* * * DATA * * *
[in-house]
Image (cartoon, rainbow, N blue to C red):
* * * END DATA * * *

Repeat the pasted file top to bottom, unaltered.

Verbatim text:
[in-house]
Image (cartoon, rainbow, N blue to C red):